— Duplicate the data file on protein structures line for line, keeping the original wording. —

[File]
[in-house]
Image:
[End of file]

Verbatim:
[in-house]
Image: